How Can Catholics Understand Mary as Co-Redemprix, Mediatrix of All Graces and Advocate?
Monsignor Charles M. Mangan

New Saint Book is Visually Stunning and Filled with Detail
Lisa M. Hendey

Papal Homily in Velletri
Catholic Online

Father Cantalamessa Analyzes Relationship
Catholic Online

Wednesday'a Audience - On St. Cyril of Alexandria
Catholic Online

Holy See Address to U.N. General Assembly
Catholic Online

Homily From Red Mass in Washington
Catholic Online

Pope Remembers Cardinal Van Thuân
Catholic Online

Faith in Politics
Catholic Online

The brave monks of Myanmar
Chris Anthony

On Lazarus and World Hunger
Catholic Online

Fighting the Good Fight: Resisting Temptation
Monsignor Charles M. Mangan

Media frenzy buries U.N. goals

Holy See Statement on Climate Change
Catholic Online

China's Seven Sorrows
Catholic Online

Wednesday's Audience - On Chrysostom's Social Doctrine
Catholic Online

Vatican Message to Muslims for Ramadan
Catholic Online

Father Cantalamessa on the First World and Lazarus
Catholic Online

Angels, God's Messengers in a world of fragile peace and Broken promises!
Hugh McNichol

Memo to Mrs. Clinton: Why Not Baby Bonds When Life Begins?
Deacon Keith Fournier

Reorienting the Mass
Catholic Online

Report Card on Religious Freedom
Catholic Online

On Wealth and Poverty
Catholic Online

A Response to Hitchens' 'God Is Not Great'
Catholic Online

Vetoing children's health care?

The ideal family
Joseph Sinasac

Who does the judging?
Dennis Heaney

One mistake away

The Big House ban

In praise of the parish

Text of the USCCB statement for Respect Life Sunday 2007

The Outstanding Purity of Our Blessed Mother
Monsignor Charles M. Mangan

Educated flock

Religion and politics

Facing a door to the future
Dennis Heaney

A long debate

Who Are the True Progressives?
Deacon Keith Fournier

Petraeus offers a dose of reality

Insurgence
Robert Storr

Papal Address at Vespers
Catholic Online

Papal Coat of Arms Still Relevant
Catholic Online

Benedict XVI's Address at Heiligenkreuz Abbey
Catholic Online

On Loving Jesus as Mary Did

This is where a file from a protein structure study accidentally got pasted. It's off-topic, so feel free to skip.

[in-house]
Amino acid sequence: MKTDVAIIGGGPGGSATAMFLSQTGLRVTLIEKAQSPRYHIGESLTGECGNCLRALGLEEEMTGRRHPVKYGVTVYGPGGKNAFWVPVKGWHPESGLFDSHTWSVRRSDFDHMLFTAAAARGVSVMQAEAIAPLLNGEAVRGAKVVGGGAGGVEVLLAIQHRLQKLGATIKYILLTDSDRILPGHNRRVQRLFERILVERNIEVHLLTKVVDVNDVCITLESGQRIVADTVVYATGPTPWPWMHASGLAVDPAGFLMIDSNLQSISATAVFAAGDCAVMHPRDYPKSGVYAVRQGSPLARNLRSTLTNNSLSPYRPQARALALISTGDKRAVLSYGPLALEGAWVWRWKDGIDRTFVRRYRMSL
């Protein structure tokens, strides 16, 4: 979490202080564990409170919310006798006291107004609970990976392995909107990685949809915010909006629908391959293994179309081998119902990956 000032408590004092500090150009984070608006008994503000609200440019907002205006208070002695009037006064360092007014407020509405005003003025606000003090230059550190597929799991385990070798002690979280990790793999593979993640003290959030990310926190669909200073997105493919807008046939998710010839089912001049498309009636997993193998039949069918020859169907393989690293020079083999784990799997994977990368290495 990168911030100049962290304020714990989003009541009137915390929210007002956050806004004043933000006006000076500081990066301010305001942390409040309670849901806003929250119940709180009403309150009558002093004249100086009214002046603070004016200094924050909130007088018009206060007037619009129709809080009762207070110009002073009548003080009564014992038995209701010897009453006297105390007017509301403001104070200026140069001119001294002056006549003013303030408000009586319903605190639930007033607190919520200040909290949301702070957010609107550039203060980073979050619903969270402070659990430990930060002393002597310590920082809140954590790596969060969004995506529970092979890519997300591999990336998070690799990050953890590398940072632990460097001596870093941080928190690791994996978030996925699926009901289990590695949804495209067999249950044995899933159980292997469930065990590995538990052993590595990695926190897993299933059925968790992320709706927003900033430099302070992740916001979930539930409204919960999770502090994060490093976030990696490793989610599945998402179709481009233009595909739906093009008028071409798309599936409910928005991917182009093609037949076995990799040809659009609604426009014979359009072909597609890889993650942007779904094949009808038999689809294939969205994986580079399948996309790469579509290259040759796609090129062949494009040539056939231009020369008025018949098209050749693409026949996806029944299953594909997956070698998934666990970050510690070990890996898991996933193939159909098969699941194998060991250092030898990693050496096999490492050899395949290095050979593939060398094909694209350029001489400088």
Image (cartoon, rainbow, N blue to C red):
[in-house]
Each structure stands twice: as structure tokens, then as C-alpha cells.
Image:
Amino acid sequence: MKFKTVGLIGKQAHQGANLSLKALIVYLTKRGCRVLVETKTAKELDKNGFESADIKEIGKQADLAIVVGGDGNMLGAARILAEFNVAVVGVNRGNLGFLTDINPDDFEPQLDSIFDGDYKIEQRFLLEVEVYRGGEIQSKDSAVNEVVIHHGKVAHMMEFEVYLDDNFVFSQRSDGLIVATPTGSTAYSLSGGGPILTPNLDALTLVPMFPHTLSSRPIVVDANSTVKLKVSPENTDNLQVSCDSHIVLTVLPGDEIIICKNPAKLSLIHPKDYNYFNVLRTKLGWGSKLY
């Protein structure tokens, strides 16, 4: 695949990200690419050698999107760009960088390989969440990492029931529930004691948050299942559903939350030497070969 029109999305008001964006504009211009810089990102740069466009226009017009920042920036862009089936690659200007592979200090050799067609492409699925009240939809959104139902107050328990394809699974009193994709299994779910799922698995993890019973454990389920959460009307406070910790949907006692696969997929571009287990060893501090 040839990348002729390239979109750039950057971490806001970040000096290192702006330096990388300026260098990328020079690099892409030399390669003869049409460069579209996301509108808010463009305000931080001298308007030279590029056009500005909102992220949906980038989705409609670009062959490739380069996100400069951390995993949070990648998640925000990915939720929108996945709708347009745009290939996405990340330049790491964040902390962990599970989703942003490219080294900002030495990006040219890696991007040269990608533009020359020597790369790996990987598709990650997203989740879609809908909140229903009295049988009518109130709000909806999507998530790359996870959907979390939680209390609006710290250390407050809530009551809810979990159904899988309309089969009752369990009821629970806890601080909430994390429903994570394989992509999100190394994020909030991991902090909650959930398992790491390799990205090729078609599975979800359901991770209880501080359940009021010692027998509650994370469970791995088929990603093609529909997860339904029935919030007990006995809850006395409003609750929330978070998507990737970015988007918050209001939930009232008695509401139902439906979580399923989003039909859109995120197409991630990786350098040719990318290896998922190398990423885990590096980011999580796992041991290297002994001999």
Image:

Catholic Online

Cardinal Castrillón Hoyos on 'Summorum Pontificum'
Catholic Online

Wednesday's Audience - On the Trip to Austria
Catholic Online

Father Cantalamessa on the Joy of Fatherhood
Catholic Online

Commentary on Artificial Hydration and Nutrition
Catholic Online

Vatican on Nutrition to Patients in Vegetative State
Catholic Online

Benedict XVI's Q-and-A Session With Youth in Loreto
Catholic Online

Take a Risk, Follow Your Call: the challenge of a lifetime!
Sisters of Bon Secours

Papal lessons

Family matters

Lessons from a tragedy
Dennis Heaney

Shopping blues
Joseph Sinasac

Marriage Breakdown: Expensive and Divisive
Catholic Online

Her darkness was a warning

Wednesday'a Audience - Gregory of Nyssa on Perfection
Catholic Online

Newsletters

Newsletter Sign Up icon

Stay up to date with the latest news, information, and special offers

Subscribe to Catholic OnlineYouTube Channel

Daily Readings

Reading 1, Amos 6:1, 4-7
1 Disaster for those so comfortable in Zion and for those so confident on ... Read More

Psalm, Psalms 146:7, 8-9, 9-10
7 gives justice to the oppressed, gives food to the hungry; Yahweh sets ... Read More

Gospel, Luke 16:19-31
19 'There was a rich man who used to dress in purple and fine linen and ... Read More

Reading 2, First Timothy 6:11-16
11 But, as someone dedicated to God, avoid all that. You must aim to be ... Read More

Saint of the Day

Saint of the Day for September 25th, 2016 Image

St. Finbar
September 25: He was the son of an artisan and a lady of the ... Read More